The Rental CrunchHousing prices are stabilizing, a 30-year fixed mortgage has a phenomenal 3.75 percent interest rate, and rents are up about 5 percent nationwide. Before you head out to an open house, though, make sure you meet the guidelines below to see if you're really ready to buy.
You don't plan to move for at least five years. Any sooner, and you could end up losing money if your home hasn't appreciated the 8 percent or more it will take to cover your selling and relocation costs.
You factored in property taxes, insurance and maintenance—not just your mortgage costs—when deciding on your budget. Don't assume your current rent is a good reflection of how much house you can afford. Add 30 percent to your base mortgage amount to cover additional expenses you don't pay for as a renter.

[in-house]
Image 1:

You can make a down payment of at least 10, but ideally 20, percent. Remember, if you put down less than 20 percent, the bank requires mortgage insurance, which adds to your cost.
You can withstand a TSA-level financial pat down. Lenders will request a dizzying array of financial documentation—your bank and investment account statements, pay stubs, tax returns—and may keep circling back and asking for more paperwork until the day you close. And in the new world of chastened mortgage lenders, you need a great—not good—FICO score just to get a deal done. According to mortgage software firm Ellie Mae, applicants denied a conventional (non-FHA-backed) mortgage in 2012 had an average score of 733.
Suze Orman's latest book is The Money Class: How to Stand in Your Truth and Create the Future You Deserve (Spiegel & Grau). Ask Suze your money questions.
More Mortgage Advice